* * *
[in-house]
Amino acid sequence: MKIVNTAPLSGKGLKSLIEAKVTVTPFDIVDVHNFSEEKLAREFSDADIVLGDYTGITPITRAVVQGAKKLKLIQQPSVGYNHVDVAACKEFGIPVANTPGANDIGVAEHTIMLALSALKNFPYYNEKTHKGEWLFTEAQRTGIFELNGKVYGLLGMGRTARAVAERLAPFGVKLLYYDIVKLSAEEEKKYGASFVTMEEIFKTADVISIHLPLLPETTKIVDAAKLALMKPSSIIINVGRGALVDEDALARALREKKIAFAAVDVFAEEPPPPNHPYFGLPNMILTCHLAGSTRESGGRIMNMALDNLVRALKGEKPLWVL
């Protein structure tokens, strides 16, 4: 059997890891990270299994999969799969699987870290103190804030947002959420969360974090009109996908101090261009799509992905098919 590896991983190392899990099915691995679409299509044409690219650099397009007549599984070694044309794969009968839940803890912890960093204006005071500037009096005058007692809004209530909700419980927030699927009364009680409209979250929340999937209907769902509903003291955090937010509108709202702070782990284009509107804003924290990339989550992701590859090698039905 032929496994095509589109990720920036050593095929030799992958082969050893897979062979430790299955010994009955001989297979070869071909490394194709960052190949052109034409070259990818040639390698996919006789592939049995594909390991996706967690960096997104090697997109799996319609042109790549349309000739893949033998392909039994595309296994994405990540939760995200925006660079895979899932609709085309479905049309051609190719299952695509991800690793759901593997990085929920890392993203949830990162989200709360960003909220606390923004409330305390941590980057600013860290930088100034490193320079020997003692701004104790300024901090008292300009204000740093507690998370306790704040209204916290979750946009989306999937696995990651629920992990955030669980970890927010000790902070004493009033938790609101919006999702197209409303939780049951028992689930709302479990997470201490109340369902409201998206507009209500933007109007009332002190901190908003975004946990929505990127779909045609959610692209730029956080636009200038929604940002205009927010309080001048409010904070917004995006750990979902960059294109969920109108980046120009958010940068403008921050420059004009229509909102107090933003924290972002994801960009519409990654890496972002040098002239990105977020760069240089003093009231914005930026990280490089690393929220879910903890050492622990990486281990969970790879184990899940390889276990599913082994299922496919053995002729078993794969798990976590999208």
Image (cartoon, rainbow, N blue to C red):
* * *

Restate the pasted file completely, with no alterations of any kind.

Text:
[in-house]
Amino acid sequence: MKIVNTAPLSGKGLKSLIEAKVTVTPFDIVDVHNFSEEKLAREFSDADIVLGDYTGITPITRAVVQGAKKLKLIQQPSVGYNHVDVAACKEFGIPVANTPGANDIGVAEHTIMLALSALKNFPYYNEKTHKGEWLFTEAQRTGIFELNGKVYGLLGMGRTARAVAERLAPFGVKLLYYDIVKLSAEEEKKYGASFVTMEEIFKTADVISIHLPLLPETTKIVDAAKLALMKPSSIIINVGRGALVDEDALARALREKKIAFAAVDVFAEEPPPPNHPYFGLPNMILTCHLAGSTRESGGRIMNMALDNLVRALKGEKPLWVL
């Protein structure tokens, strides 16, 4: 059997890891990270299994999969799969699987870290103190804030947002959420969360974090009109996908101090261009799509992905098919 590896991983190392899990099915691995679409299509044409690219650099397009007549599984070694044309794969009968839940803890912890960093204006005071500037009096005058007692809004209530909700419980927030699927009364009680409209979250929340999937209907769902509903003291955090937010509108709202702070782990284009509107804003924290990339989550992701590859090698039905 032929496994095509589109990720920036050593095929030799992958082969050893897979062979430790299955010994009955001989297979070869071909490394194709960052190949052109034409070259990818040639390698996919006789592939049995594909390991996706967690960096997104090697997109799996319609042109790549349309000739893949033998392909039994595309296994994405990540939760995200925006660079895979899932609709085309479905049309051609190719299952695509991800690793759901593997990085929920890392993203949830990162989200709360960003909220606390923004409330305390941590980057600013860290930088100034490193320079020997003692701004104790300024901090008292300009204000740093507690998370306790704040209204916290979750946009989306999937696995990651629920992990955030669980970890927010000790902070004493009033938790609101919006999702197209409303939780049951028992689930709302479990997470201490109340369902409201998206507009209500933007109007009332002190901190908003975004946990929505990127779909045609959610692209730029956080636009200038929604940002205009927010309080001048409010904070917004995006750990979902960059294109969920109108980046120009958010940068403008921050420059004009229509909102107090933003924290972002994801960009519409990654890496972002040098002239990105977020760069240089003093009231914005930026990280490089690393929220879910903890050492622990990486281990969970790879184990899940390889276990599913082994299922496919053995002729078993794969798990976590999208």
Image (cartoon, rainbow, N blue to C red):